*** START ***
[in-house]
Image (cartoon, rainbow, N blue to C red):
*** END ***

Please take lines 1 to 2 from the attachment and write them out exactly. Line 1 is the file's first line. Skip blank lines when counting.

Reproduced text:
[in-house]
Image (cartoon, rainbow, N blue to C red):